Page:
The CourseOur neighborhood backs up on the desert, where there is a network of seldom-used dirt roads. And by "dirt roads", I mean sand roads--there are more than a few places where the sand is deep and the footing is not at all stable. But I can't complain: I have a 3.75-mile loop with no traffic right outside my door! So yesterday morning, I planted a water bottle and a GU by a bush at the corner and set off to finish four laps.
|The start of my loop. The shadows:me and my sidekicks, Bruno and Howdy, on our morning walk.|
The TimeI finished the run in two hours and twenty-two minutes; about 9:30 mile pace. I'm okay with that. I wish I was a faster runner, and I know that if I work at it, I will get there, but right now I'm all about putting miles on my legs to get ready for this race, no matter how fast or slow they are.
I stopped for a few seconds per lap to drink water, and ate the GU after the second lap. I usually don't have GU on hand--I prefer GU Chomps or CLIF Shot Bloks or even gummy bears--but I must have gotten this strawberry-banana flavored one in a goody bag from a race, so I thought I would give it a try. A pleasant surprise: I enjoyed it! When it was gone, I wanted more. I'm not sure I would switch to energy gels from chewables, but it gave me hope that some gels do taste good, after a recent bad experience with a not-so-delicious flavor.
BoredomWhen I told my dad about these fifteen miles, he asked if I got bored running four loops. Happily, I was able to say no. This is something I have had to work at, the mental side of my running. If my mind is not focused on something other than how long I have been running, I find myself tempted to quit for no good reason. What are you supposed to think about during two hours of running? Especially when the scenery doesn't change much, and you don't want to look at your watch twelve times a minute?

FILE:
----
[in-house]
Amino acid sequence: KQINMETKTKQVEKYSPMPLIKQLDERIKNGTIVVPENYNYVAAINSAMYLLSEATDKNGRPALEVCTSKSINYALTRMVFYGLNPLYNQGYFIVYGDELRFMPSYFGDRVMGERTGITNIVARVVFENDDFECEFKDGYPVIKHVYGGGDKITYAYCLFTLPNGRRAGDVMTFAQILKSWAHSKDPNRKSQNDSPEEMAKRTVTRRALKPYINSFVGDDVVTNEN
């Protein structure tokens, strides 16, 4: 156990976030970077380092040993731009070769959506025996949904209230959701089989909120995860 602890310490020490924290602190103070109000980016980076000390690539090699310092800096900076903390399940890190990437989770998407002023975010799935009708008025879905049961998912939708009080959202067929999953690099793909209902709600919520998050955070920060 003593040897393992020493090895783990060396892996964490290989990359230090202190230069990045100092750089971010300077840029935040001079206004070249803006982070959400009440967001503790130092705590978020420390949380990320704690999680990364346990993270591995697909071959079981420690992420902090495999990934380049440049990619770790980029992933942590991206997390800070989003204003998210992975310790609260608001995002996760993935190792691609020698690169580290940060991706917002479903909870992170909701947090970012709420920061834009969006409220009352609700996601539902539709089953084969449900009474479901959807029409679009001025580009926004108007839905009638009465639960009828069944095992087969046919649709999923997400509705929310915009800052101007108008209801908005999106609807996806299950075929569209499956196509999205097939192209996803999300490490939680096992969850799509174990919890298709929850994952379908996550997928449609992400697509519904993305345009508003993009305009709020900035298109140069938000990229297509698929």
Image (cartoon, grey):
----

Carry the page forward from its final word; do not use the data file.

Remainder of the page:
Here is what has worked for me lately:
2. Prayer: When I run, I have the time and attention to pray for people and situations that I often get distracted from in my daily life. In the day-to-day, it is so easy to slip into a rut of only praying for me and for situations that directly affect my life. When I am running and there is nothing else to distract me, I try to remember to pray for others.
3. Lists: I am a list-maker. When I run, I make my to-do list or my grocery list in my head. I list my all-time favorite foods, meals, desserts (do you see a theme here?). On particularly long runs, I alphabetize things, trying to think of a favorite food, song, or book for every letter of the alphabet. Nerdy? Probably. But it's surprisingly fun.
4. Body Evaluation: If I am feeling tired, or just want to give up for some reason, something I have started doing is evaluating how I feel physically, body-part by body-part.
How are my toes? They feel great!
How are my feet? Fine!
How are my ankles?
And so on. I usually discover no pains indicating possible injury, and that helps me keep going. I think it will be a useful tool for pinpointing an injury before it becomes a major problem.